The museum itself is located in a windowless room, one floor below the ground. It is a rather small space, as Perrier points out immediately to visitors: it is only able to house 1/4 of his collection, the rest of it (about 1000 machines in total) kept in storage until such a time as he is given a grant from the Lausanne government to relocate in a bigger space. He cited 300 square meters as his ideal.

Before each tour, as ceremoniously as a priest donning his robes, Perrier shrugs off his jacket and puts on a blue overcoat with the Hermes logo stitched on the chest pocket. A laminated name tag identifies him as "Guide Jacques". We were in for the full treatment! He started off by pointing out the oldest typewriters, including a Lambert (shown here), a Blickensderfer, Edelmann, and so on.

He demonstrated the typing action of several of the more unusual machines, including this British Oliver, a Bennett typewriter, a Yost 20, and a few Braille printers.

On this Postal typewriter, he pointed out the @ sign (on the letter D), the existence of which - so many years before the advent of email - surprises and delights museum visitors.

Most of the typewriters are in working condition, despite their age, having been fully restored. For the ones in which the rubber parts (mainly type pads) have cracked or otherwise deteriorated, Perrier has had special replacements made, which he showed us.

 Like this Universal Crandall No. 3, each typewriter bears a small name plate identifying the year of production and country of origin. Many of the oldest ones have been in the collection for decades: Perrier's father sold and collected typewriters, a business which he passed on to his son and which focuses today on selling and repairing printers, photocopiers, and other business equipment. 

I have always been curious about these enormous Continental standards, which show up from time to time on local auction sites. Perrier explained that the large telephone-looking dial was used in conjunction with a special numbered sheet to move between the lines in order to fill in accounting figures. He demonstrated with the sheet inserted in the machine, but with the caveat that it was not the original one (it was marked "Ruf").

Another of his accounting typewriters was this standard Ruf - a Hermes Ambassador in all but name (it is even labeled as such). This one uses the specially-labeled sheets he had also inserted in the Continental.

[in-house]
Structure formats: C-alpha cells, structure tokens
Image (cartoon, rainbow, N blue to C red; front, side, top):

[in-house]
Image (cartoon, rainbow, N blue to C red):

Note the boxes of dip pen nibs on the left: Perrier would not admit to being a fountain pen enthusiast, but rather a collector of "everything that has to do with writing". This explained the occasional bottle of vintage fountain pen ink that I spotted in some of his display cabinets.

Perrier's current display can be grouped into four main categories: pre-1920s typewriters (Oliver, Crandall, Postal, Yost, etc.), foreign-language typewriters (Hindi, Hebrew, Arabic, Japanese, Cyrillic, etc), Hermes typewriters (Baby, 2000, 3000, Ambassador, electric), and miscellaneous unusual typewriters (extra-large typeface, Demountable, Noiseless, accounting, and so on). 

The above Korean-language Smith Corona Sterling is part of the second group.

The keyboard of a Cyrillic folding Corona 3. 

Perrier is especially proud to have acquired this Hebrew-language Erika 10, manufactured in Germany in 1947 (can you guess why?).

Georg discovered the sister of his new Maritsa, a Mapuua 12 with Bulgarian letters.

A very unusual Hermes 2000, not only because of the Hindi keyboard, but also for the glass keys, which are never found on Hermes 2000s of this vintage. We pointed this out to Perrier, but he had owned this for so long that he seemed not to realize just how uncommon it was! He did concede that the keys could have been taken from a Hermes Standard 3 or 4.

An Arabic-language Hermes Standard 8. 

Well, this is plenty of pictures for one post! I shall save the rest for Part 2, in which we discover the Hermes section, explore the other unusual typewriters, and find out about Monsieur Perrier's extraordinarily generous gesture...

***All photos courtesy of the Perrier Typewriter Collection in Lausanne; photographed by Georg Sommeregger and myself.***

Tuesday, April 12, 2011

A faithful account of the April 9 Swiss type-in


I hope you have all read the very excellent write-up from Georg. (There is even a video as well as several pictures of my very shy self.)

Well, the next post will be all about the Perrier Typewriter Museum and the grumpy but affable Jacques. There will be many pictures of his fine collection (typewriter pr0n at its best)!